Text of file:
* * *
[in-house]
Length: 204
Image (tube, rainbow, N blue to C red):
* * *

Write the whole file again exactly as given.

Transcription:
[in-house]
Length: 204
Image (tube, rainbow, N blue to C red):